In the posterior region of the cavity, specifically in the posterior part of the inferior meatus is a venous plexus known as Woodruff's plexus. This plexus is made up of large thin-walled veins with little soft tissue such as muscle or fiber. The mucosa of the plexus is thin with very few structures.[17]

Lymphatic drainage[edit]

The nasal part of the lymphatic system arises from the superficial mucosa, and drains posteriorly to the retropharyngeal lymph nodes, and anteriorly to either the upper deep cervical lymph nodes (in the neck), or to the submandibular glands (in the lower jaw), or into both the nodes and the glands of the neck and the jaw.

Nerve supply[edit]

The trigeminal nerve gives sensation to the nose, the face, and the upper jaw (maxilla).

Nerve supply to the nose is from the first two branches of the trigeminal nerve (CN V), the ophthalmic nerve (CN V1) and the maxillary nerve(CN V2).

The facial nerve supplies the facial muscles including those that move the nose.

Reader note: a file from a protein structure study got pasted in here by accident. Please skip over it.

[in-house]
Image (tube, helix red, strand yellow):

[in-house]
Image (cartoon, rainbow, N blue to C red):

Ophthalmic innervation
  • Nasociliary nerve – conveys sensation to the skin area of the nose, and the mucous membrane of the anterior (front) nasal cavity.
  • Anterior ethmoid nerve – conveys sensation in the anterior (front) half of the nasal cavity: (a) the internal areas of the ethmoid sinus and the frontal sinus; and (b) the external areas, from the nasal tip to the rhinion: the anterior tip of the terminal end of the nasal-bone suture.
  • Posterior ethmoid nerve – serves the superior (upper) half of the nasal cavity, the sphenoids, and the ethmoids.